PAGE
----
Verdict at trial
Some research has shown that when cases of violent crime are resolved by trial, judges are less likely to convict if the accused allegedly victimized a stranger whereas juries are more likely to convict if the crime involved strangers (Myers, 1981). Beyond this, research is sparse on how the victim-accused relationship may affect an accused person’s verdict at trial. To examine this outcome, a variable measures whether the accused was found guilty or acquitted at trial. In this sample, 60 percent of the cases that were sent to trial resulted in a verdict of ‘guilty’ for the accused.
Type of acquittal
There are two ways that an accused may be acquitted: By receiving a ‘not guilty’ verdict at trial or by being found ‘not criminally responsible by reason of mental disorder.’ In the first scenario, an accused is acquitted of the charge(s) before the court. With respect to the second type of acquittal, in the vast majority of cases, the accused admits that he or she committed the crime but, because they did not understand the nature and quality of their act, they are found
‘not criminally responsible by reason of mental disorder’ (prior to 1992, the verdict was ‘not guilty by reason of insanity’). To examine whether those persons who killed intimate partners were more likely to be acquitted due to mental disorder, a dependent variable distinguishes between accused persons who were found ‘not guilty’ and those who were found ‘not criminally responsible.’ In the Toronto data, 37 percent of those acquitted were found ‘not criminally responsible by reason of mental disorder.’
Regardless of whether a case is resolved at trial or by guilty plea, there may be variation in the overall likelihood of conviction. The fifth dependent variable represents an overall measure that distinguishes between those who were convicted for their crimes (including those convicted by trial and by guilty plea) and those who were acquitted (including those found not criminally responsible). In the Toronto data, three-quarters (76 percent) of those accused were convicted for their crimes.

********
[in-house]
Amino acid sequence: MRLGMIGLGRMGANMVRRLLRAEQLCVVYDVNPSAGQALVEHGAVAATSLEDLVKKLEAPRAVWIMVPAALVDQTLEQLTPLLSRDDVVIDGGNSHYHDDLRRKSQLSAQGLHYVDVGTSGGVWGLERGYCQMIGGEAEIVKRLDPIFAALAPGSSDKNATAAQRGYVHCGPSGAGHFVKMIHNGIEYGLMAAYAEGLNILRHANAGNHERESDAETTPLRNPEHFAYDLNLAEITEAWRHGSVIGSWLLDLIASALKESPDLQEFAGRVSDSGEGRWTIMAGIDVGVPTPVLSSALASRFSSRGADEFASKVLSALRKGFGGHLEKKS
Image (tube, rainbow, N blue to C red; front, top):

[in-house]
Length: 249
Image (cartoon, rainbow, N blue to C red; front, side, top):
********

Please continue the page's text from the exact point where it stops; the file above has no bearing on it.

Severity of conviction
An accused person’s conviction should demonstrate the degree of harm or damage caused by the crime as well as their perceived culpability. The distinction between a murder and a manslaughter conviction is of great significance for an accused in Canada because murder carries a mandatory penalty of life imprisonment whereas manslaughter convictions carry no minimum mandatory sentence (Grant et al., 1998). Generally, as already noted, murder is distinguished from manslaughter by the existence of a specific intent to cause death or serious bodily harm likely to cause death (s.229 CCC) on the part of the accused. Thus, the presence of certain extraneous or mitigating factors such as provocation (see specifically s.232(2) CCC), intoxication or diminished responsibility may reduce an offence from murder to manslaughter. To determine whether intimacy affects the severity of conviction, a variable measures whether the accused was convicted of murder (either first- or second-degree) or convicted of a less serious charge (primarily manslaughter). Table 3.2 shows that 39 percent of the cases resulted in a conviction of either first- or second-degree murder.